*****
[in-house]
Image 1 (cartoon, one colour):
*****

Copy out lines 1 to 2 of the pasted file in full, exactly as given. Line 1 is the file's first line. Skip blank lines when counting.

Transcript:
[in-house]
Image 1 (cartoon, one colour):